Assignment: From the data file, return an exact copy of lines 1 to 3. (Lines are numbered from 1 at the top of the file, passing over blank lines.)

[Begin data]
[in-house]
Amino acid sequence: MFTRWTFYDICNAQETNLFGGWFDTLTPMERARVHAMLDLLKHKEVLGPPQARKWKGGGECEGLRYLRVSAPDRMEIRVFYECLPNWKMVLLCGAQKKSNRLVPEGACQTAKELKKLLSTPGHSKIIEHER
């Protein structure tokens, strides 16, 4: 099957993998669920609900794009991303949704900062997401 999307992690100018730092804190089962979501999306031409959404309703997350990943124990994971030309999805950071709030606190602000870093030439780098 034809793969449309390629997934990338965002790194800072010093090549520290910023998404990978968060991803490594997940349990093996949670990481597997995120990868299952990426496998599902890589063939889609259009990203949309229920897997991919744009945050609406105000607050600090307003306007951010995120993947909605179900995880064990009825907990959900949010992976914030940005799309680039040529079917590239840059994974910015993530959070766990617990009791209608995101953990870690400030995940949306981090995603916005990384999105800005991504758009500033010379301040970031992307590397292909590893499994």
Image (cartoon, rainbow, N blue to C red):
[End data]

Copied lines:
[in-house]
Amino acid sequence: MFTRWTFYDICNAQETNLFGGWFDTLTPMERARVHAMLDLLKHKEVLGPPQARKWKGGGECEGLRYLRVSAPDRMEIRVFYECLPNWKMVLLCGAQKKSNRLVPEGACQTAKELKKLLSTPGHSKIIEHER
């Protein structure tokens, strides 16, 4: 099957993998669920609900794009991303949704900062997401 999307992690100018730092804190089962979501999306031409959404309703997350990943124990994971030309999805950071709030606190602000870093030439780098 034809793969449309390629997934990338965002790194800072010093090549520290910023998404990978968060991803490594997940349990093996949670990481597997995120990868299952990426496998599902890589063939889609259009990203949309229920897997991919744009945050609406105000607050600090307003306007951010995120993947909605179900995880064990009825907990959900949010992976914030940005799309680039040529079917590239840059994974910015993530959070766990617990009791209608995101953990870690400030995940949306981090995603916005990384999105800005991504758009500033010379301040970031992307590397292909590893499994």